How to Clean Breast Pump Components?

How to Clean Breast Pump Components?

After pumping, cleaning all of your pump's components and bottles may be time-consuming. How frequently should breast pump components be sterilized? And how should it be done the best? What you should know is as follows.

Microwave Sterilizer - Bellababy

How Frequently Should Breast Pump Parts Be Sterilized?

Thankfully, you don't need to sterilize your pump components after every pumping session. Sanitize feeding supplies at least once a day to reduce germs' spread further. Sanitation is crucial when your infant is under three months old, was born early, or has a compromised immune system. Older, healthier infants may not need daily sanitization if feeding utensils are thoroughly cleaned after each use.

In light of that, I would advise the following:

· If your child is under three months old, a preemie, or ill, sterilize them daily.

· If your child is full-term, healthy, and more than three months old, sterilize every few days.

Note: Microwave Sterilizer is necessary to sterilize breast pump parts.

Electric breast pump - E15

How to Clean Breast Pump Components

The good news is that sanitizing pump components don't require much work. The wash basin, bottle brush, and pump components may all be sterilized in one of the three methods listed below, from simplest to harshest.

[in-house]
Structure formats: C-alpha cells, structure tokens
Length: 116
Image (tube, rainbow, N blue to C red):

Note: Before beginning the procedure, disassemble, clean, and rinse your pump components. Read the manufacturer's directions for cleaning the parts on your pump.

  • 1. Use a sterilizer

Clean bottles and pump components are placed inside a sterilizer, which uses steam to disinfect them.

  • 2. Microwave Steam Bag 

Your pump components may be sterilized in a microwave steam bag or container, which is the following simplest method. To use these bags, you typically add water to the bag or container containing your pump components, seal it, and microwave it for the allotted time. Make careful to adhere to the directions printed on the bag.

It will be hot when you open the bag, so be careful not to burn yourself. After allowing the water and air to escape, move the pump components to a clean towel and let them air dry.

  • 3. Dishwasher

You don't need to wash your pump components in advance if you use the dishwasher. Place the pump components in the dishwasher's basket and run a hot water cycle with a heated drying or sanitizing option to clean them.

Breast pump tube

How do you clean the tube on a breast pump?

  • 1. Always use clean hands and avoid germs on the pump tubing:
    Before you start pumping or cleaning your pump, wash your hands and groom them. They must be cleaned in a bowl of warm soapy water, scrubbed for at least 20 seconds and finally rinsed. Every time you handle your pump, follow these steps. Use a new towel or paper towel each time you wipe clean or dry the countertops or any other surfaces that will come into touch with it.
  • 2. Check your breast pump every time you use it:
    Take it apart before each usage to ensure that none of the bottles, tubing, or other components has developed mould. Before operating the pump again, replace any questionable parts as soon as possible. Keep an extra set of tubes and features available if you suddenly need to repair anything. It is preferable to replace any affected items since mould is tough to clean and eradicate.

How often to replace the breast pump parts?

Breast pump components deteriorate with time. The suction of your pump may be impacted, resulting in less milk produced. Here is how frequently you should replace the components on your breast pump to prevent problems with your milk supply.

However, as this can vary between brands, it's a good idea to check with your breast pump manufacturer to confirm how frequently they recommend replacement. 

  • 1. Duckbills (duck valves):